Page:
A belief is information you have about people, objects, issues, etc., that you consider true and factual. Such belief can be wrong or right. Beliefs define what you believe. This is a confirmation of what is true and real to you and what is not. External contexts such as the environment where you grow up and the contexts within which you function shape and define your beliefs. Conscious awareness creates the belief system of any person. You shape and define your belief system as you become consciously aware of the self and how you relate to people, objects, and issues.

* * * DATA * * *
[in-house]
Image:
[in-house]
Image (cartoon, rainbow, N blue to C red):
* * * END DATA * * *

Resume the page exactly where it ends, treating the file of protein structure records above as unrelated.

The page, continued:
Belief is the state of mind in which a person has confidence that something is true without necessarily having sufficient evidence to be able to show this with factual certainty. Another way of defining belief sees it as a mental representation of an attitude positively oriented towards the likelihood of something being true. In the context of Ancient Greek thought, two related concepts were identified with regards to the concept of belief: pistis and doxa. Simplified, we may say that pistis refers to "trust" and "confidence", while doxa refers to "opinion" and "acceptance". The English word "orthodoxy" derives from doxa. Jonathan Leicester suggests that belief has the purpose of guiding action rather than indicating truth.In epistemology, philosophers use the term "belief" to refer to personal attitudes associated with true or false ideas and concepts. However, "belief" does not require active introspection and circumspection. For example, we never ponder whether or not the sun will rise. We simply assume the sun will rise. Since "belief" is an important aspect of mundane life, according to Eric Schwitzgebel in the Stanford Encyclopedia of Philosophy, a related question asks: "how a physical organism can have beliefs?"
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